* China comes to a dead stop in growth, and starts to suffer social unrest plus politico-military instability
* Bank of Japan balance sheet expansion meets its sticky end just about the time falling Petrodollar demand drops America firmly in the doo-doo, and Russia into default.
But then, I’m a glass half-empty sort of bloke. And a realist. The bottom (very short) line is I wouldn’t dream of going anywhere near gold in the current environment. But at the first sign of serious eurozone panic alongside US bank contagion, I will almost certainly take a punt. What you do is your affair, and this does not in any way represent advice from me.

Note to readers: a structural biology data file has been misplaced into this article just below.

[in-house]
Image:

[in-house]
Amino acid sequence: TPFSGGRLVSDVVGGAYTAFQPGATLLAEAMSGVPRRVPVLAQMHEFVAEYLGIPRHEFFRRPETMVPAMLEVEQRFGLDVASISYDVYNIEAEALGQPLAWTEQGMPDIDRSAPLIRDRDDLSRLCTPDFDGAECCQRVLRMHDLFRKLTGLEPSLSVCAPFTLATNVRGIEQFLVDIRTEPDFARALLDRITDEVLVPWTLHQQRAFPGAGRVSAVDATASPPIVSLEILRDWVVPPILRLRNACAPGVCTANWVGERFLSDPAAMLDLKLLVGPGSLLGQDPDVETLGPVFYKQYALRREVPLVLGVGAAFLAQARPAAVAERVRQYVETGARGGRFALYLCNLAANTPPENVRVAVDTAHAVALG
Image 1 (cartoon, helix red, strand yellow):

I would ask anyone threading on this post to please refrain from telling me you know everything while I know nothing. Anyone who does will be expunged without appeal. I’m as usual interested in empirical stuff you think I might have got wrong, coming from people who know something. And as always, I’ll be fascinated by alternative views that are factually based and calmly argued. All personal insults and any use of the words “only a moron would” will also be filtered out automatically.
I accept that the lunatic, Yoblogging fringe will call this censorship, but in reality it is the prosecution of brainless license, and quality control of the level of debate The Slog tries to attract. No doubt this will also be dismissed as grandiloquent on my part by the current house Troll who thinks I haven’t noticed him. But sadly, they are a fact of internet life.